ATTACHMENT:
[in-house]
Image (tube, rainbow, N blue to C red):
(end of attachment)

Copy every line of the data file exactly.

[in-house]
Image (tube, rainbow, N blue to C red):